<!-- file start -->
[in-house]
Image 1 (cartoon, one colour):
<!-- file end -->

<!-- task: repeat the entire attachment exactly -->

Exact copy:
[in-house]
Image 1 (cartoon, one colour):